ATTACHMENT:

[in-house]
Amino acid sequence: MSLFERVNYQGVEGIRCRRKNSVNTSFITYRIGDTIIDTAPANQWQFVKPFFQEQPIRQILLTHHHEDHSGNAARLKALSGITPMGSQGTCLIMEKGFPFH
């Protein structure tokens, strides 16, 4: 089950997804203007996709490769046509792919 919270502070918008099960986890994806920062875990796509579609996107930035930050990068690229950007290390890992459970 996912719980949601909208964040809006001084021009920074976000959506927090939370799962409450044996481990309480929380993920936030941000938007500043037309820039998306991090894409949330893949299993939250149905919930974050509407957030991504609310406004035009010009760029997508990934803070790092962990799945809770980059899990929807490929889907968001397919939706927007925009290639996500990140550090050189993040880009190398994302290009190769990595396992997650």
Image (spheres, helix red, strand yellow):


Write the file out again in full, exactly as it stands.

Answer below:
[in-house]
Amino acid sequence: MSLFERVNYQGVEGIRCRRKNSVNTSFITYRIGDTIIDTAPANQWQFVKPFFQEQPIRQILLTHHHEDHSGNAARLKALSGITPMGSQGTCLIMEKGFPFH
């Protein structure tokens, strides 16, 4: 089950997804203007996709490769046509792919 919270502070918008099960986890994806920062875990796509579609996107930035930050990068690229950007290390890992459970 996912719980949601909208964040809006001084021009920074976000959506927090939370799962409450044996481990309480929380993920936030941000938007500043037309820039998306991090894409949330893949299993939250149905919930974050509407957030991504609310406004035009010009760029997508990934803070790092962990799945809770980059899990929807490929889907968001397919939706927007925009290639996500990140550090050189993040880009190398994302290009190769990595396992997650």
Image (spheres, helix red, strand yellow):